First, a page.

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Constables

[Record group 96]
Agency Function
The post of constable does not exist as such in Philadelphia's modern government. Their police functions were assumed by the Philadelphia Police Department. Their court responsibilities are handled by the writ service and court attendance officers of the Philadelphia Traffic Court.

Agency History
Under the Duke of York's Laws constables were chosen annually by the electors of each township and given their traditional peace officer and writ serving authorities and court attendance duties. An Act of November 27, 1700, assigned the earliest of an additional number of functions to them, directing that they return to the County Assessors lists of all taxables and their property within their bailiwicks, and that they assist the tax collectors in their duties. Early in the eighteenth century constables were also elected by the voters of each City ward. In 1705 Common Council placed the constables in charge of the watch in their respective wards and in 1711 directed them to furnish to the City Assessors lists similar to those they provided the County Assessors. An Act of 1715 appointed them collectors of provincial taxes and in 1739 they were directed to administer the elections of Inspectors of Elections, a function they retained until 1839. At the dissolution of the Corporation in 1776 those constables in office were confirmed in place and, in addition to many wartime functions, were empowered to administer the elections of justices of the peace. After the re-incorporation of the City in 1789 constables were appointed by the Mayor from among the two chosen by the electors of each ward. County areas outside the City continued to elect their own constables directly. The office of High Constable was created in 1796 and with the gradual evolution of a full scale police force in the first half of the nineteenth century the Mayor was empowered to appoint an increasing number of them who were given charge of each police district headquarters. The office was dispensed with shortly after the City-County Consolidation of 1854, after which time constables were made directly elective by the voters of each ward. In 1851 their terms were extended to two years, and in 1864 to five. With the adoption of the present State Constitution of 1873 constables continued to be elected by the voters of their wards but were then appointed by magistrates to the service of their courts and are paid by them directly from court fees. Their effective functions today are those of writ service and court attendance.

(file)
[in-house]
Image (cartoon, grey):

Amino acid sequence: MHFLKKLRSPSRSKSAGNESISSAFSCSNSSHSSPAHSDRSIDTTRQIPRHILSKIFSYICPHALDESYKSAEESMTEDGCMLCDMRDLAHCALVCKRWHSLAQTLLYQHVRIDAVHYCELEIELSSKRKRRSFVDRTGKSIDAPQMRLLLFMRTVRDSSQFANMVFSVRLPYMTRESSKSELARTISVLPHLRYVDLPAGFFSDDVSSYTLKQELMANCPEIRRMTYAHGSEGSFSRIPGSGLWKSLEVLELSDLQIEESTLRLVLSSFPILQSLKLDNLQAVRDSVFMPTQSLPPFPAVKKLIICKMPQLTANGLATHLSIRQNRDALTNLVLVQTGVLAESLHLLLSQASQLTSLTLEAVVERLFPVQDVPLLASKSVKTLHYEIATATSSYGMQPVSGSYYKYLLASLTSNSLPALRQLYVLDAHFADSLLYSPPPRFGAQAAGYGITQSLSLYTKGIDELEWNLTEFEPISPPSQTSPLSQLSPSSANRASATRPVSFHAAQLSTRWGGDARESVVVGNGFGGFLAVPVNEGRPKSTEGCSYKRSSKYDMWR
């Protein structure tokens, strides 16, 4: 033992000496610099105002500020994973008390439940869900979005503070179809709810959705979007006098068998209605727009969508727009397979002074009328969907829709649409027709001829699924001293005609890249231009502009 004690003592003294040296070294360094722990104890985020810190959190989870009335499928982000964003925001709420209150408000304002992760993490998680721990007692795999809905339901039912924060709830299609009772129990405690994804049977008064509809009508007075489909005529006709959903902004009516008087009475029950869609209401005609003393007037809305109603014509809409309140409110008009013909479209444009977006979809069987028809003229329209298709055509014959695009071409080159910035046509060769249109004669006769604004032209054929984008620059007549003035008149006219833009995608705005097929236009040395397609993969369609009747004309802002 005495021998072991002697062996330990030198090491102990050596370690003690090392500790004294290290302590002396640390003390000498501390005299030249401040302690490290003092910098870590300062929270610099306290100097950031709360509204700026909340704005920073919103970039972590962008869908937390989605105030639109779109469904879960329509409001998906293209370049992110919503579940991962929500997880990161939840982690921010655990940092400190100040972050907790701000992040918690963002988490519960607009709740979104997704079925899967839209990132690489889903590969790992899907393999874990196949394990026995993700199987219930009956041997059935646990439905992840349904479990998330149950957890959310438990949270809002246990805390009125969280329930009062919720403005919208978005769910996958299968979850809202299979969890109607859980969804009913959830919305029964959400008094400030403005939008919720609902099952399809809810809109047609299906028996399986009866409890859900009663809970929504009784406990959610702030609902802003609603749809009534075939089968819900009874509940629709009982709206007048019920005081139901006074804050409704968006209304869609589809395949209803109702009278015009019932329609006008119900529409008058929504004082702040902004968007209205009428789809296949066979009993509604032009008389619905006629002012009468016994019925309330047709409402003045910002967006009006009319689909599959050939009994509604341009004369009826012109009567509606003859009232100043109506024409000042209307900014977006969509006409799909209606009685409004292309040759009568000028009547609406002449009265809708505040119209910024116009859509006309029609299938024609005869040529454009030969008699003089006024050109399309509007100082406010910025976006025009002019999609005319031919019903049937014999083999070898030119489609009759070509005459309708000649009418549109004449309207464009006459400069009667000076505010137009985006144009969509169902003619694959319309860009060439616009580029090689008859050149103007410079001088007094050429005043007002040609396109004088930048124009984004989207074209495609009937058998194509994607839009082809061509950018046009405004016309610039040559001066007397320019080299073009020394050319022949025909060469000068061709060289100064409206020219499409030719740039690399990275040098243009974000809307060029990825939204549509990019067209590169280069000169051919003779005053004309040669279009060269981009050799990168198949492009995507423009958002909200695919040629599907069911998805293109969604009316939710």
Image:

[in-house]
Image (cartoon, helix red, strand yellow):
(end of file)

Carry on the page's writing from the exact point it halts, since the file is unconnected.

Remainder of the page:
Archival Records
96.1 Constables' Returns to Assessors (1762-1780)


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Last updated on November 8, 2000